The U.S. has traditionally taken an individualized approach to disaster preparedness. At the start of every hurricane season, organizations like the Red Cross and government agencies like the Federal Emergency Management Agency (FEMA) share checklists of items that people should have to be ready. Largely unchanged for decades, these checklists emphasize the personal responsibility of the individual to purchase the supplies they will need to survive on their own for days. Certainly, it is sensible for everyone to have these emergency supplies on hand, but checking off the boxes on these lists is not enough because it relies on individuals to both have access to these resources and make appropriate and informed individual decisions about protective action, often without enough guidance.
It’s not surprising then to see inequalities emerge when disaster strikes. While some can afford to pay for a last-minute flight to evacuate, work remotely while evacuated for weeks, or have the physical ability to sit in a hot car for hours on end, many cannot.
The difference can mean life or death.
In every disaster, the survivors, along with volunteers, take on much of the work of response. They open their own shelters, organize search and rescue, gather donations, hand out meals, and gut houses. The public should be an active participant in every response—survivors are the true first responders in every disaster because they are there when it happens—but as communities go through disaster after disaster these resources may become further strained. Can we really continue to rely on these collective, often improvised, efforts to carry communities through disaster response again and again?
Individual actions, no matter how heroic, rarely determine whether a community survives a disaster. What’s required is competent government. They are responsible for leading planning efforts, issuing warnings and evacuation orders, providing regulation and oversight to ensure utility companies are accounting for climate risk. How prepared a community is to manage a disaster largely comes down to whether the government has prepared, not whether a citizen has gallons of water in their closet.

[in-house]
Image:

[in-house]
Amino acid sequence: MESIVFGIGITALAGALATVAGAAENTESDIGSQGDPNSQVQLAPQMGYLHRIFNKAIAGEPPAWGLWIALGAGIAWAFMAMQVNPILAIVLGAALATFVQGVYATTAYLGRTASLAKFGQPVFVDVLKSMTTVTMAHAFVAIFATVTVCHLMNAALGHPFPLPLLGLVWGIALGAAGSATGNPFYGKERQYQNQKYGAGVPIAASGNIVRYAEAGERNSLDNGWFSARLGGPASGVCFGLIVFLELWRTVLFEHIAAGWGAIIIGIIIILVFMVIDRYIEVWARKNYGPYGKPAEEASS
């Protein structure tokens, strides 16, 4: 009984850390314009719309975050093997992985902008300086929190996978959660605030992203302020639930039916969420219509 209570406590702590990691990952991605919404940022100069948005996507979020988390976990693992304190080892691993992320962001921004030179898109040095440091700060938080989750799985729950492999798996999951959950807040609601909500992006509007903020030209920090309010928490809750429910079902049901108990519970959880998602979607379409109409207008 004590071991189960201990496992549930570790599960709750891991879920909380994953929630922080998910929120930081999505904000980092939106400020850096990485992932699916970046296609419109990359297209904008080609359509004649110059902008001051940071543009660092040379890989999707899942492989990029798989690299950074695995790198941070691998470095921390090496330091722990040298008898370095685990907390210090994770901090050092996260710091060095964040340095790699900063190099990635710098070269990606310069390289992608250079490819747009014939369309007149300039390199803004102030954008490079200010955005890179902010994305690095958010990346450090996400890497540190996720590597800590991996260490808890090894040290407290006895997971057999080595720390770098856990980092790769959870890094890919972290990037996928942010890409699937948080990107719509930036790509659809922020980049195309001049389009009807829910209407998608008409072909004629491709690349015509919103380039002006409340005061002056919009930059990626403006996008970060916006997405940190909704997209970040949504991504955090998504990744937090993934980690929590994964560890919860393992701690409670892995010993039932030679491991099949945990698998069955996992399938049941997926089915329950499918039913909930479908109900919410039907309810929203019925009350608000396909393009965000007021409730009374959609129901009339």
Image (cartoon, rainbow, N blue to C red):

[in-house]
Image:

For emergency management agencies to take on the country’s increasing risk—to prepare us for what is already happening and will continue to happen—elected officials must give them the resources to do so before, during, and after disaster. Many communities, especially in rural areas, have only a part-time emergency manager. They may do good work, but they cannot singlehandedly address their communities’ risk effectively and prepare them for disaster.
In addition to funding, we must address the systemic issues that have long made the emergency management system inadequate for meeting everyone’s needs. Comprehensive policies—not reactive piecemeal changes—are needed to ready this system for future disasters.
The last time I drove down Louisiana Highway One was in 2019. I was with a group of emergency management students from the Midwest who were learning the intricacies and vulnerabilities of life along the Gulf Coast. On our way to Grand Isle, we stopped at the sharp left turn. We pulled into a little dirt area so I could show them that here you could see both the causes and consequences of climate change. The road was beginning to erode again as the water lapped at the sides of the pavement. Looming just in the distance was Port Fourchon through which 18% of U.S. oil supply passes.
I made an off-handed comment that I didn’t know how many more times we would make this drive as the seas rose, land eroded, storms raged, and infrastructure succumbed. Just two years later, Hurricane Ida made landfall at that exact left turn, and the road to Grand Isle was once again left in pieces.
They’ll rebuild the road again this time—but how many more times before they won’t?
We continue to manage disasters and catastrophes in largely the same way we have for decades. But our world is different now. The climate has changed, and our risk along with it. We cannot continue to approach disaster preparedness, and emergency management more broadly, with resources and thinking from a world that had more time.